There are two pieces of wonderful literature where the protagonist never gets a name: The Old Man and the Sea by Ernest Hemingway and "The Yellow Wallpaper" by Charlotte Perkins Gilman. In the former, I don't think anyone got a name. In the latter, the narrator is never named because the story is her journal. Great literature, both of them. If you've any doubts about what you're doing, check these out. I believe "The Yellow Wallpaper" is available in full online because it was published in the late 19th century.
     
  17. jazzabel
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    jazzabel Contributing Member Contributor

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    It's certainly challenging for a novice writer to attempt something like this. But if you can pull it off, best of luck :)
     
  18. djzelly
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    djzelly New Member

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    I'd really be interested in reading that! Lately I've been working on different types of characters and points of view and this just sounds awesome. c:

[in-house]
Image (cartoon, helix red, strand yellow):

19. LeeG-75
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    LeeG-75 New Member

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    I've used this as a device in short fiction before. I think that character anonymity can sometimes (not always) be a useful tool. As well as having the effect of objectifying a character, it can also help to create the illusion that the character is just 'the person on the street', someone that anyone could know. Sometimes providing a name can take this away from the reader, in my opinion.
     
  20. TimHarris
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    TimHarris Senior Member

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    Robin Hobb did this in her Farseer trilogy (first book) Where the protagonist is only given a name in the last chapter and is otherwise just called "the bastard" or "Fitz". I thought that worked pretty well in showing how he felt
     
  21. BritInFrance
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    BritInFrance Active Member

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    In real life I rarely call people by their name (I am crap with names, so have developed a coping mechanism, where I never use them when I talk to people), so I can't see why this wouldn't work.

    In addition to the other works mentioned have you seen the film Withnail and I? "I" is never named.